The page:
Dust - Eliminating - Video - Apparatus
Posted June 2004
Conceived by Jeff Davis, and designed and built by Erik Smith of the OKCGC, and Becky and Ron Cosgrove of the OKCPRG, DEVA (Dust Eliminating Video Apparatus) effectively removes ~99% out-of-focus dust contamination from night shot video. Since creating and using DEVA filters on all video systems, the apparent flying "orb" phenomena literally stopped happening, which leads us to believe that all "orb" phenomena is simply due to close contaminants such as dust.
You can build your own DEVA with these instructions and a few inexpensive parts from your local hardware store (part numbers shown here are from Home Depot). DEVA should fit almost all Sony Nightshot video cameras, and when used correctly, filter out almost all close contaminants that create false positive video anomalies.
||Home Depot Part #
|6" DC Planter (6" Flower Pot)
|Household Goop Tube (Glue)
|2" No Hub Coupling
||C190-225 (Plumbing Department)
|8"x10"x.093" Lexon XL Sheet (Plexiglass)
|Flat Black Paint
||Any Brand (Krylon works well)
|2" Hole Cutting Drill Bit (used to drill door knob holes)|
|Power Drill for Drill Bit|
|Dremel, Rotozip, or equivalent (for cutting plexiglass)|
|Fine sand paper or a file|
1. If you choose to paint the outside of your DEVA (for cosmetic purposes), spray paint the exterior of the flowerpot and seal it with an acrylic clear coat now. It is a good idea to paint the inside of your DEVA with flat black paint as well. This will keep internal reflections down, and keep stray light from leaking through the plastic and contaminating your video. Use a flat black paint (Krylon Ultra-Flat works well), and paint the inside of the flower pot with several even coats. When you hold the flower pot up to the light, you should not be able to see any light leaking through the plastic.
2. Use the 2" Hole Cutting drill bit to carefully drill a hole in the bottom of the flowerpot, slightly off centered, and use a utility knife to clean up the edges. Tighten the metal clamps on one end of the 2" Coupling until the diameter is small enough to fit into the hole you just cut. Place a bead of glue around the inside of the hole you just cut and slide the 2" Coupling inside the flowerpot about half way. Now, expand the metal clamps, and the coupling should make a snug fit in the hole. Run another bead of glue on the outside of the flowerpot against the coupling and on the inside of the flowerpot against the coupling to seal the coupling-flowerpot joint entirely from air and dust flow. Allow this joint to dry for several hours before proceeding.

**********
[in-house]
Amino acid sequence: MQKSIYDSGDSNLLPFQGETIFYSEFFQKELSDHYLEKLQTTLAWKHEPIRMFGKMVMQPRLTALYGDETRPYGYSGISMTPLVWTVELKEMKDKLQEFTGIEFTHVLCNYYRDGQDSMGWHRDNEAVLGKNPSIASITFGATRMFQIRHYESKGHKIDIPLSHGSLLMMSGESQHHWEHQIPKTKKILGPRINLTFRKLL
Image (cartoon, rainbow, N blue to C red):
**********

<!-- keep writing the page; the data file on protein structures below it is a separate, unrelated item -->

3. Trace the top (big opening) of the flowerpot on the plexiglass. Carefully, with either a Rotozip, Dremel, or similar tool cut the traced pattern out (leave the protective film covering on the plexiglass while cutting to prevent scratching the plexiglass lens). Once this is done clean up the edges of the round plexiglass lens with fine sandpaper or a file.
4. Run a bead of glue around the top edge of the flowerpot (you may want to sand or file off the paint in this area to make the glue hold better), remove the protective film from the plexiglass and carefully lay the plexiglass circle on the flowerpot's large opening. Press down and make sure you have a good seal between the plexiglass and the flowerpot with the glue. Wipe any excess glue that seeps from the edges of the joint, and leave your DEVA to dry in a well ventilated area for at least 48 hours before using. The paint and glue will not fully cure for several weeks, so be extremely careful with your DEVA! Also, be careful not to scratch the plexiglass lens, as any scratch will be visible on your video recordings.
Using your DEVA
Slide the protruding 2" Coupling over the lens of the video camera CAREFULLY, and tighten the metal clamp until there is a good seal between the DEVA and the camera lens. Turn off, or block your internal infrared (IR) light (THIS IS ESSENTIAL!). Most Sony Digital Nighshots have detachable hotshoe IR's that can simply be turned off, but on Hi-8 and other models, you may have to engineer some way to either turn off your video camera's IR light, or block it completely. Remember: infrared light can pass through materials that may look opaque to the human eye, so if you have to block your IR, test different materials until you find one that works well. Point your video camera at a mirror, and look through the viewfinder in NightShot mode - you shouldn't be able to any light coming from your video camera's internal IR.
Once you get DEVA secured and your internal IR light either turned off or blocked, you must now find another source of infrared lighting. You can either "piggy-back" off another video camera's IR light, or use an IR Extender (available from Sony, model HVL-IRC, these are self-contained IR sources, mountable on any tripod). You MUST place the IR extender or pickybacking camera at LEAST three feet to the side of your DEVA-equipped video camera, and aim it to illuminate the area your camera is pointed at.
When using DEVA, remoting the infrared light source is the key to eliminating all dust contamination - because reflections off contaminants will not be directed back into the camera lens. Read "The Truth About Orbs" for more information on close contaminants in photography and video. Congratulations, you are done, and ready to enjoy hundreds of hours of contaminant-free video!
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